I came across a couple of posts about the matrix organization at Yahoo. They are pretty critical of the matrix there and mention symptoms including “a horrible gridlock in decision making”, lack of accountability, turnover of good people who felt they had not got the authority they needed and lack of accountability. Read the full post on Yahoo’s Matrix

The second post about Yahoo’s management structure speculates about a forthcoming organization change and talks approvingly of a return to more directive “take charge”, “top down” style of management.

My first observations that the symptoms they talk about are NOT inevitable in a matrix organization – if these symptoms are accurately reported they are symptoms of a badly implemented and run matrix where people do not seem to have the skills to manage the complexity. This is not uncommon but is not the fault of the structure itself.

Second I think we will see increasing calls for “strong” management during the downturn and I expect to see a return to higher levels of centralization. In a real emergency this may be a ratioal response. But in the medium to long term this will tend to negate most of the benefits of having a matrix and cause a return to silos of one kind or another.

Business today is too complex to operate within a simple top down structure – unless the boss is all seeing and all knowing and always right – a system that we are now criticising for bring down several of the major banks.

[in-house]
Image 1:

Wouldn’t it be better to make the matrix work by developing the skills and people capabilities and not just blaming the organization chart?

About the author:

Kevan Hall Kevan Hall is a CEO, author, speaker and trainer in matrix management, virtual teams and global working. He is the author of "Speed Lead - faster, simpler ways to manage people, projects and teams in complex companies, "Making the Matrix work - how matrix managers engage people and cut through complexity", and the "Life in a Matrix" podcasts, videos, cartoons and blog. He is CEO and founder of Global Integration. Company profile: .

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